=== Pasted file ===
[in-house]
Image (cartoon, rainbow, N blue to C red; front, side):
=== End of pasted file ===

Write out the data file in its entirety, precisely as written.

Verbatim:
[in-house]
Image (cartoon, rainbow, N blue to C red; front, side):